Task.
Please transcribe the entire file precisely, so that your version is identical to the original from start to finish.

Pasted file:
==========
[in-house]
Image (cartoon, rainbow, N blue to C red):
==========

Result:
[in-house]
Image (cartoon, rainbow, N blue to C red):